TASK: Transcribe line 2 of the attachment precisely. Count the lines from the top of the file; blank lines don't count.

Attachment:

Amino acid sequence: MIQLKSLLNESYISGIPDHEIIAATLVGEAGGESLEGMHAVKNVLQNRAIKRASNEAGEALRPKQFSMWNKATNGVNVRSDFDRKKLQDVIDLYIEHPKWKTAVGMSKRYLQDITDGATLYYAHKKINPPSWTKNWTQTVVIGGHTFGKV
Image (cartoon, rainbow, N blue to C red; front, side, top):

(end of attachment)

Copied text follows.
Image (cartoon, rainbow, N blue to C red; front, side, top):